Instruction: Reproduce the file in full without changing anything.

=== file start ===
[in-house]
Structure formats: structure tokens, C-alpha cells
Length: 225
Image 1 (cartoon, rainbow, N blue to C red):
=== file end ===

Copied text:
[in-house]
Structure formats: structure tokens, C-alpha cells
Length: 225
Image 1 (cartoon, rainbow, N blue to C red):